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Million Dollar Marxists: Give It A NameGive It A Name (2004)
Reviewer Rating: 4
Contributed by: adamAdam
(others by this writer | submit your own)
If you propose the question of which is better in punk rock, boundless innovation or playing an established style extremely well, I'll choose the latter any day. So while Ottawa's Million Dollar Marxists haven't set out to blaze new musical trails, their commitment to writing high-impact, bullshit f.
If you propose the question of which is better in punk rock, boundless innovation or playing an established style extremely well, I'll choose the latter any day. So while Ottawa's Million Dollar Marxists haven't set out to blaze new musical trails, their commitment to writing high-impact, bullshit free rock'n'roll should be celebrated.
Give It A Name is indeed cause for celebration, and I toast the Marxists for picking up on the lineage of tight, soulful punk that traces back through the New Bomb Turks to the Devil Dogs to the Pagans. There's a definite raw garage quality here that would have fit right in with the early 90s Epitaph with bands like The Humpers, Gas Huffer and the aforementioned Turks. Vocalist Luke Nuclear ranges somewhere between Turobnegro's Hank Von Helvete and Matt Caughthran of The Bronx. There's a noticeable improvement in his delivery in some of the album's newer material and it's quite evident that his command as a frontman is growing ever tighter ("Every Action" is clear evidence of this, be on the lookout for the great Biafra-warble before the chorus).
It's abundantly clear in the first 30 seconds of "Do The Emotion" how tight this band is. Guitarists Steve Salmonella and U. Lee Mobile are closely locked together for much of the record, crafting a full and ever buzzing attack to accompany Nuclear's vocals. While there's the occasional break into some well placed soloing (as on "Try Begging") the emphasis is clearly on the propulsive interplay between the two. Johnny Genome's bass is prominent on the record, rounding out an extremely proficient rhythm section but coming to the forefront on tracks like "Bleed" and "Rolling Over." One of the record's highlights is "Bricklayer," a lyrically clever and surprisingly caustic anthem that showed up earlier on Gearhead's Thingmaker compilation. There's a sense of panicked urgency to the song, propelled along by a wall of sound that in any other case would be criticised as muddy; Here it's rather chaotic and compelling. The Marxists diverge from their influences with a dark streak that emerges near the end the record. Tracks like "Le Shake," a mid tempo rhythmically driven number, let Nuclear show a bit more range vocally, moving from restrained near-spoken verses to a frenzied yell. "Hold Me" continues the band's sinister streak and leaves the record with a menacing melodic conclusion.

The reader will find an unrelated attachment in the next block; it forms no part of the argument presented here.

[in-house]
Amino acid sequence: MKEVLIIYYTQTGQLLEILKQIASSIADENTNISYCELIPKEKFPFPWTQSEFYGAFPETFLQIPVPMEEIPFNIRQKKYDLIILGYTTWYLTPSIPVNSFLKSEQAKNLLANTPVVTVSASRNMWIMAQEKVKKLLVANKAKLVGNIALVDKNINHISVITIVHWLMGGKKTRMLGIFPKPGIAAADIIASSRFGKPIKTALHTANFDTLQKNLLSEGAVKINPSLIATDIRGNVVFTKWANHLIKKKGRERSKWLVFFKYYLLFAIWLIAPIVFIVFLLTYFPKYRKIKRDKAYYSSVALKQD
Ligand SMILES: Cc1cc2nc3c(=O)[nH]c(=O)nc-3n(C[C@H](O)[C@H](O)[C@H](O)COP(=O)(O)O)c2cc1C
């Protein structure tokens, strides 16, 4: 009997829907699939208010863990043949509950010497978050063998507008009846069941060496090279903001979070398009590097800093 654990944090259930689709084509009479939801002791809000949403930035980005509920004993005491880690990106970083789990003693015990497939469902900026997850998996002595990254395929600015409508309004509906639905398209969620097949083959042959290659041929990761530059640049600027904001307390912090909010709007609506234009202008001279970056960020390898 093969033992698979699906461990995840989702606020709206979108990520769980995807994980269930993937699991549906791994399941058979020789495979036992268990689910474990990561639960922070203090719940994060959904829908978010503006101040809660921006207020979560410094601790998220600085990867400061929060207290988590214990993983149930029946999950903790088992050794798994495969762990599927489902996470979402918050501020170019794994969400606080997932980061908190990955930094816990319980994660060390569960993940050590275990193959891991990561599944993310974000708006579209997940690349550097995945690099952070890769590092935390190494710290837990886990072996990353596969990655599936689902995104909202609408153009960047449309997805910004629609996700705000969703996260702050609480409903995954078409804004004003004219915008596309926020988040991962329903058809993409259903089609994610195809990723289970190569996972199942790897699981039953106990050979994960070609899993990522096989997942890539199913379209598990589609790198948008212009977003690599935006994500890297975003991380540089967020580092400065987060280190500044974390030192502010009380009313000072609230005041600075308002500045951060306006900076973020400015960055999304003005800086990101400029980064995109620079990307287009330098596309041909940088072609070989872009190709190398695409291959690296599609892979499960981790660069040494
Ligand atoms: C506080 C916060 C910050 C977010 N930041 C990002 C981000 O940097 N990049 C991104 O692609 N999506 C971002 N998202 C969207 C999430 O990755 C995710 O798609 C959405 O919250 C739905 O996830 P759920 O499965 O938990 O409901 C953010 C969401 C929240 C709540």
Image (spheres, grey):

There will be a bit of redundancy here for any of the (mostly) Ontario residents who may have the band's self-released EP, as all five of those tracks show up here. However considering the entirely local distribution of said record as well as the high quality of those tunes, it only makes sense they they're included here. The chronologically newer tracks also fit fairly seamlessly with the material recorded back in 2002, so to most the fact a few years of material are contained here won't be apparent.
I'll burn a hole straight through this disc by the year's end, as Give It A Name doesn't spend much time outside of my player these days. I'm astonished this is their only full length as the Million Dollar Marxists are remarkably tight and focused. This easily stands among the better punk records to come down the pipe this year.
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